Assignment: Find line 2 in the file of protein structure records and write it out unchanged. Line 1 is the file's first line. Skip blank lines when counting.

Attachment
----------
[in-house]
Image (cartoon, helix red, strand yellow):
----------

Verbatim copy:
Image (cartoon, helix red, strand yellow):